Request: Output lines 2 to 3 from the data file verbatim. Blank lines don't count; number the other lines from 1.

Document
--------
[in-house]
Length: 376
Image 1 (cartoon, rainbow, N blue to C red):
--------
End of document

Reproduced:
Length: 376
Image 1 (cartoon, rainbow, N blue to C red):